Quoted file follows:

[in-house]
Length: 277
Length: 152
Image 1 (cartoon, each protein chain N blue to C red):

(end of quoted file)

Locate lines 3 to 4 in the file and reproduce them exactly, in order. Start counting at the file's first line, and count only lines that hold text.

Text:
Length: 152
Image 1 (cartoon, each protein chain N blue to C red):